This week BMJ (The British Medical Journal) published a fantastic editorial on the ever-widening gap between the scientific reality of avian influenza H5N1 (i.e., bird flu) and the apocalyptic worldwide-pandemic predictions churned out by activists. Animal rights groups like the Humane Society of the United States and People for the Ethical Treatment of Animals have a habit of exploiting public misconceptions of miniscule food-related health risks, and they’ve found in bird flu yet another PR vehicle for their anti-meat message.
Fortunately, as BMJ Deputy Editor Tony Delamothe points out, these little things called “facts” tell a very different story from the one we’re hearing from the bird flu fear mongers:
Somewhere, I imagine, there’s a small group of people proud to be counted among the Friends of Avian Flu, or FAF for short. I suspect they have a catchy mission statement, such as "Keeping the nightmare alive," and lapel badges of vaguely bird-like shape.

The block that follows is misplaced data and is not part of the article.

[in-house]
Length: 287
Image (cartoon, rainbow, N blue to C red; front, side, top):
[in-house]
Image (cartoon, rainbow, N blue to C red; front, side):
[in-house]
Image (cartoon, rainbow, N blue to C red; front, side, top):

Their challenge is to keep bird flu forever in the public eye. This should be getting harder, as influenza H5N1 is proving particularly resistant to undergoing the killer mutation that would allow efficient human to human transmission of the virus. Ten years after the strain first appeared in humans, it has killed just 191 people. This is despite the most propitious of circumstances: millions of people and poultry living in very close proximity in South East Asia. Although these deaths are a tragedy for the victims and their families, it’s as well to remember that a similar number of people die on the roads world wide every 84 minutes. [Emphasis added]
For more information, check out our “Bird Flu: Questions and Answers.”